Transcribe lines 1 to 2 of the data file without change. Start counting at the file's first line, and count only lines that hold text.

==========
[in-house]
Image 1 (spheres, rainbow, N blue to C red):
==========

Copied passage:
[in-house]
Image 1 (spheres, rainbow, N blue to C red):